"The focus of the Committee's policy going forward will be to support the functioning of financial markets and stimulate the economy through open market operations and other measures that sustain the size of the Federal Reserve's balance sheet at a high level," the Fed said.

Two large Fed lending programs are still being ramped up. In one, the central bank will buy up to $600 billion of debt issued or guaranteed by Fannie Mae, Freddie Mac and other government-backed mortgage businesses.

So far, the Fed has only committed $8 billion to those purchases. Officials have been relieved that mortgage rates have come down since announcing the program. Rates on a conforming 30-year mortgages have dropped from 6.64% to 5.28% since the Fed's last meeting, according to HSH Associates, a financial publishing firm. It has been one of the few areas in financial markets where credit costs have shown substantial improvement in the past few weeks.

"Over the next few quarters the Federal Reserve will purchase large quantities of agency debt and mortgage-backed securities to provide support to the mortgage and housing markets, and it stands ready to expand its purchases of agency debt and mortgage-backed securities as conditions warrant," the Fed said.

Fed officials have high expectations for a separate program through which they will lend up to $200 billion against high-rated securities backed by car loans, student loans, credit-card debt and small-business loans.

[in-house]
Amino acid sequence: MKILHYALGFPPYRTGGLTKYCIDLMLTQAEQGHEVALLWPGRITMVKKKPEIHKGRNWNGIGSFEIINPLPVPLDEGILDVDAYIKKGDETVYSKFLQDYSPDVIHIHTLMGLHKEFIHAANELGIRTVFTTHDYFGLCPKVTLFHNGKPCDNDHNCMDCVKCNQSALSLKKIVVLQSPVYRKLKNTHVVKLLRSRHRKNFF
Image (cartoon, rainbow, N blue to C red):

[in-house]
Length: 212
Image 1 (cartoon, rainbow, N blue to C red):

U.S. officials have said the program, which is called the Term Asset-Backed Securities Loan Facility and is expected to be operational in February, can be expanded to other asset classes -- such as commercial real estate loans or mortgages not backed by Fannie and Freddie.

The program could be expanded in other ways if it works. For instance, right now it is geared toward newly issued securities. But it is feasible the Fed could also use it to backstop previously issued securities to help banks clear room on their balance sheets.

Fed officials believe the economy would be in much worse shape had they not already moved aggressively to lower interest rates and expand their lending facilities. Increasingly, however, the economic backdrop is looking to be grim even with the medicine.